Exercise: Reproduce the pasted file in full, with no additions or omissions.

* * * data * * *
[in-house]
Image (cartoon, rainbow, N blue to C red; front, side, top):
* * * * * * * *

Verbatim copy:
[in-house]
Image (cartoon, rainbow, N blue to C red; front, side, top):